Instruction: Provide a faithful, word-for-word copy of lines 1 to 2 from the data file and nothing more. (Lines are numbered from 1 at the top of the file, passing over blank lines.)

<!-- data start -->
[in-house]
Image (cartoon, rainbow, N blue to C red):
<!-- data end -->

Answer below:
[in-house]
Image (cartoon, rainbow, N blue to C red):